“In any country we try to follow a policy of noninterference with domestic legislative affairs,” Haq pointed out. “At the same time, we do work with the government of the United States, the federal government. … Since its founding in the 1940s, the United Nations has had a strong and productive relationship with the government of the United States and we hope to continue to do so.”
Gov. Bill Haslam has declined to sign a resolution that denounces “the destructive and insidious nature of United Nations Agenda 21,” passed by Republican legislators over Democratic complaints that it buys into a bogus conspiracy theory.
The resolution, HJR587, was approved 72-23 in the House and by a 19-11 vote in the Senate.
“Resolutions are position statements by the General Assembly, not a law to be implemented,” said Haslam spokesman David Smith in an emailed response to a question. “The governor doesn’t support Agenda 21, but he didn’t feel compelled to and isn’t required to take any action on the resolution.”
“Some could construe the resolution as promoting a choice between business and the environment, which he thinks is a false choice,” Smith said.
Rep. Kevin Brooks, R-Cleveland, the lead sponsor of the Agenda 21 resolution said he was disappointed that Haslam had declined to join in showing his support for the measure.
“We would enjoy his signature and maybe we can find a way to see eye-to-eye on it in the future,” said Brooks. “I look forward to that discussion.”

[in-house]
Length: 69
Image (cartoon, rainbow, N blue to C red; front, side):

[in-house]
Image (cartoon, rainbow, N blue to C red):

Apparently, HJR587 is the first resolution Haslam had refused to sign, though Smith declined to confirm that is the case. WPLN radio said it has reviewed “hundreds” of resolutions and could not find one previously that the governor did not sign.
Resolutions have no legal effect and amount to statements of opinion by the Legislature. Governors may sign resolutions and, as a matter of courtesy, usually do so though no signature is required. Typical resolutions, for example, express condolences on the death of a constituent or praise for some accomplishment, such as a high school basketball team’s win in a tournament.
In the recently-completed legislative session, however, Republican lawmakers adopted several resolutions expressing politically-oriented viewpoints. But Haslam has signed them as well — examples including HJR614, which denounces U.S. Supreme Court decisions interpreting the Commerce Clause of the U.S. Constitution and HJR614, which criticizes President Obama and calls for repeal of “the indefinite detention bill” passed by Congress last year.